Behud (Coventry & London)
Judging by the character of the theatre director in her play (at the time, it was Jonathan Church), Bhatti retains a low opinion of this climb-down and uses Behud as a sort of meditation on the pressures on a writer like herself to be “positive” or “helpful”; at one point Chetna Pandya as the playwright pulls a gun on her own company: “I was just trying something.”
The controversy hasn’t died down exactly, but it seems to have taken a snooze in Coventry, although previews have attracted a large police presence. Lisa Goldman’s snappy production articulates the problem by having it both ways: as a protest for free speech and as a statement by “an exotic ethnic” who makes the establishment feel “multicultural”.
The “play within a play”, ironically titled Gund (Filth) contains scenes of violence and sexual oppression; the outer discussion rehearses the censorious objections, including the demand to relocate the action (as in Behzti) from a temple to a community centre.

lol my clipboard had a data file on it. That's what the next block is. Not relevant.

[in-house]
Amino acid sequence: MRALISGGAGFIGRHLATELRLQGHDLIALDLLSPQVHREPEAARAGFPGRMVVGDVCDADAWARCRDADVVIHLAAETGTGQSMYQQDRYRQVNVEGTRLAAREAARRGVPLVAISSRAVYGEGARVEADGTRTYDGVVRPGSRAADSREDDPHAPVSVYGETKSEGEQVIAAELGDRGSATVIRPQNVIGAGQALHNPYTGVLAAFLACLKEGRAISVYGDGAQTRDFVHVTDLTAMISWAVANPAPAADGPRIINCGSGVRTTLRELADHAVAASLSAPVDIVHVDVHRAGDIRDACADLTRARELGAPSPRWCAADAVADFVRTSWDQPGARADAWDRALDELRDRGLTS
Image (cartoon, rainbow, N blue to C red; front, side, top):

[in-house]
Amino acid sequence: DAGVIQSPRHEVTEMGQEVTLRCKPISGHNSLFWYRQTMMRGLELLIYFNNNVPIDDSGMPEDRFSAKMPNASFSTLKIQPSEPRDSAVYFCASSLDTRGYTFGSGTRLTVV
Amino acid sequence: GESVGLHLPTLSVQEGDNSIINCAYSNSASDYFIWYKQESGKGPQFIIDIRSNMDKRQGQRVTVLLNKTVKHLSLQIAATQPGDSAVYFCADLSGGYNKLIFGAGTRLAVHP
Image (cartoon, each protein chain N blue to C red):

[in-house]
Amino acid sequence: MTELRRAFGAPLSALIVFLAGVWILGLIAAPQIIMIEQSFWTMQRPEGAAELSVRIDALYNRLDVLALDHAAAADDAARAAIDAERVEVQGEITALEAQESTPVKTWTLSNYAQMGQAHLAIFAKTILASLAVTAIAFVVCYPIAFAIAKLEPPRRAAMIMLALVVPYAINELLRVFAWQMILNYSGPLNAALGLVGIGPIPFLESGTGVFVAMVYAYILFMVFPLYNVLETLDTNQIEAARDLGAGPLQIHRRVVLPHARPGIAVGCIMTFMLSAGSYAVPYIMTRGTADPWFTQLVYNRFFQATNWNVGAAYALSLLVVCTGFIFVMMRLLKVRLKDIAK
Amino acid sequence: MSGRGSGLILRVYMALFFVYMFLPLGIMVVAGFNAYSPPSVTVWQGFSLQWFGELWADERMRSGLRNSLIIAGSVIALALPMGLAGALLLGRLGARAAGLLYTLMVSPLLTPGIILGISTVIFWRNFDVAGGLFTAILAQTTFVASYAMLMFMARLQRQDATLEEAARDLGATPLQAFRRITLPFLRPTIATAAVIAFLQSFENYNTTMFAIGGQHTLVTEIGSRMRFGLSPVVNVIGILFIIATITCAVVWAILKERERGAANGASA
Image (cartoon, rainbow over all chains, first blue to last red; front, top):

The whole thing – presented in the Belgrade’s sleek new studio theatre – is set in a white limbo designed by Hannah Clark with 11 doors and played with brio by the defiant Pandya and six others as various councillors, theatre folk, fictional characters and a mild-mannered elderly Sikh (Ravin J Ganatra) who is concerned about shame in his culture.
Bhatti stimulatingly confronts the issues head-on, but there is less dramatic texture than in Behzti, even if her three plays – the first, Behsharam (Shameless), was at the Soho Theatre and Birmingham Rep in 2001 – now comprise a highly significant chapter in British Asian theatre writing.
Avin Shah, Priyanga Burford (as the actress) and Shiv Grewal (who burns the play in a bucket) declare their positions with some fervour, while Lucy Briers and John Hodgkinson bring a comic edge to their white liberal hand-wringing and shilly-shallying. I like the fact that Bhatti is both passionate and patient in her documentation of the problems. But the raw meat of theatre is a little lost among the root vegetables of reasoning.
(reviewed at the Belgrade Theatre, Coventry)